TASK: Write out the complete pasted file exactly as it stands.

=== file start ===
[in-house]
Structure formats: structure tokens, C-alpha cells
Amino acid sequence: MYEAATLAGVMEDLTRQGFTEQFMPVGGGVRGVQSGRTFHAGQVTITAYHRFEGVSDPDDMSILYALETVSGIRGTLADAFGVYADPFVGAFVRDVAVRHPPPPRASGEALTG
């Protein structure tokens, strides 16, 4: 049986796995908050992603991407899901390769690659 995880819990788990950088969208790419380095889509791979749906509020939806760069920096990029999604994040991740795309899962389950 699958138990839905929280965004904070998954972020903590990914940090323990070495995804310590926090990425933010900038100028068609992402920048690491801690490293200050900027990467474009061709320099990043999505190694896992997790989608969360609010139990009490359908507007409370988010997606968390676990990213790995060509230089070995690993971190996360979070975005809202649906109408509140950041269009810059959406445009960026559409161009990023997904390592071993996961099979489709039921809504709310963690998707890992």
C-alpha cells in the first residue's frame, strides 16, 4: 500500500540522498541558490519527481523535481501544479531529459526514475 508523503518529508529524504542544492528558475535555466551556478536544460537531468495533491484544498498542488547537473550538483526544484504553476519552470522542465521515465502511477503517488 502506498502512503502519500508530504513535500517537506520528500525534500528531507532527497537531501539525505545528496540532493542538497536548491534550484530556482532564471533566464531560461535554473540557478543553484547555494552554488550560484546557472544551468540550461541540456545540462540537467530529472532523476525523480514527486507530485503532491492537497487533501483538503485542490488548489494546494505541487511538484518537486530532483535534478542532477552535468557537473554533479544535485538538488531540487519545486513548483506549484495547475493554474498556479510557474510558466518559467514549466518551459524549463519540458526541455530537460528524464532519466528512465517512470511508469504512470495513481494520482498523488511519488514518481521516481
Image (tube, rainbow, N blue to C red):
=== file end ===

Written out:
[in-house]
Structure formats: structure tokens, C-alpha cells
Amino acid sequence: MYEAATLAGVMEDLTRQGFTEQFMPVGGGVRGVQSGRTFHAGQVTITAYHRFEGVSDPDDMSILYALETVSGIRGTLADAFGVYADPFVGAFVRDVAVRHPPPPRASGEALTG
């Protein structure tokens, strides 16, 4: 049986796995908050992603991407899901390769690659 995880819990788990950088969208790419380095889509791979749906509020939806760069920096990029999604994040991740795309899962389950 699958138990839905929280965004904070998954972020903590990914940090323990070495995804310590926090990425933010900038100028068609992402920048690491801690490293200050900027990467474009061709320099990043999505190694896992997790989608969360609010139990009490359908507007409370988010997606968390676990990213790995060509230089070995690993971190996360979070975005809202649906109408509140950041269009810059959406445009960026559409161009990023997904390592071993996961099979489709039921809504709310963690998707890992």
C-alpha cells in the first residue's frame, strides 16, 4: 500500500540522498541558490519527481523535481501544479531529459526514475 508523503518529508529524504542544492528558475535555466551556478536544460537531468495533491484544498498542488547537473550538483526544484504553476519552470522542465521515465502511477503517488 502506498502512503502519500508530504513535500517537506520528500525534500528531507532527497537531501539525505545528496540532493542538497536548491534550484530556482532564471533566464531560461535554473540557478543553484547555494552554488550560484546557472544551468540550461541540456545540462540537467530529472532523476525523480514527486507530485503532491492537497487533501483538503485542490488548489494546494505541487511538484518537486530532483535534478542532477552535468557537473554533479544535485538538488531540487519545486513548483506549484495547475493554474498556479510557474510558466518559467514549466518551459524549463519540458526541455530537460528524464532519466528512465517512470511508469504512470495513481494520482498523488511519488514518481521516481
Image (tube, rainbow, N blue to C red):